7 Costly Tax Mistakes of Small Businesses

March 6, 2012 @ 9:24 am posted by Theresa Watson

It is officially Tax Time and we are hustling and bustling here at Tax Loopholes to implement the latest and greatest strategies for the 2012 tax filing season.
You may already know that here at Tax Loopholes, we are passionate about educating our community and empowering you with the tools you need to reach your financial freedom. Tax time is one of our favorite times of the year because your ability to save taxes may be one of the easiest and quickest ways that you can increase your cash flow.

In working with small businesses all over the US over the past decade, there are a handful of mistakes that we see over and over which are costing business owners thousands of dollars in overpaid taxes. This week, we wanted to share with you a few of the most important ones that you need to watch out for when filing your tax returns:

1. Business Expenses Paid by Personal Funds are Nondeductible
Business start-ups often need cash infusion from its owner from time to time to cover operational expenses. Whenever you pay for business expenses from your personal funds, it is important to make sure that you are tracking these expenses because these should all be tax deductible items on the tax return. Remember, as long as the expenses are incurred for business purposes, it is generally deductible regardless of whether it is paid for personally or with business funds.

2. Overpaying the IRS Makes You “Audit Proof”
The IRS doesn’t care if you pay the right amount of taxes or overpay your taxes. They do care if you pay less than you owe and you can’t substantiate your deductions. Even if you overpay in one area, the IRS will still hit you with interest and penalties if you underpay in another. It is never a good idea to knowingly or unknowingly overpay the IRS. The best way to “Audit Proof” yourself is to properly document your expenses and make sure you are getting good advice from your tax advisor.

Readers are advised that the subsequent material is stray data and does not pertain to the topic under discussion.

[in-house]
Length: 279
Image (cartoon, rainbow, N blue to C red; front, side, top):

3. Being incorporated enables you to take more deductions.
Self-employed individuals (sole proprietors and S Corps) qualify for many of the same deductions that incorporated businesses do, and for many small businesses, being incorporated is an unnecessary expense and burden. Start-ups can spend thousands of dollars in legal and accounting fees to set up a corporation, only to discover soon thereafter that they need to change their name or move the company in a different direction. In addition, plenty of small business owners who incorporate don’t make money for the first few years and find themselves saddled with minimum corporate tax payments and no income. Make sure you work with your tax advisor to determine the right time (and right type) of entity for your business.

4. The home office deduction is a red flag for an audit.
While it used to be a red flag, this is no longer true–as long as you keep excellent records that satisfy IRS requirements. Because of the proliferation of home offices, tax officials cannot possibly audit all tax returns containing the home office deduction. In other words, there is no need to fear an audit just because you take the home office deduction. There are so many benefits of a home office that you do not want to miss out on. Keep an eye out for an upcoming article where we discuss the 6 Reasons You Need to Deduct Your Home Office.

5. If you don’t take the home office deduction, business expenses are not deductible.
You are still eligible to take deductions for business supplies, business-related phone bills, travel expenses, printing, wages paid to employees or contract workers, depreciation of equipment used for your business, and other expenses related to running a home-based business, whether or not you take the home office deduction.

6. Requesting an extension on your taxes is an extension to pay taxes.
Extensions enable you to extend your filing date only. Penalties and interest begin accruing from the date your taxes are due.

7. Part-time business owners cannot set up self-employed pensions.
If you start up a company while you have a salaried position complete with a 401K plan, you can still set up a SEP-IRA for your business and take the deduction.

Last month, we made an announcement that for the first time many years, we are now finally able to take n new tax return clients. There are still a few spots left so be sure email us at Taxinfo@taxloopholes.com to receive your Free Tax Return Quote and find out more about how we can help you save taxes this year.

With tax returns starting at just $499 (let’s face it, its cheaper than getting your taxes prepared by a high school student at H&R Block) why wouldn’t you want to take advantage of it?

If you are looking to maximize your tax refunds this year and want to upgrade your advisor team, be sure to act fast. We only have room for a few new clients this tax season and we want YOU to be one of them. Let us help make this tax season Easy and Profitable for you. Just email us at Taxinfo@taxloopholes.com and we can help you to take control of how much you pay this year!

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